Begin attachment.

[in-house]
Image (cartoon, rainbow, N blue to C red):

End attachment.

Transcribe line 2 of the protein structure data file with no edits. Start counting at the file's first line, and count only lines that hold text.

Image (cartoon, rainbow, N blue to C red):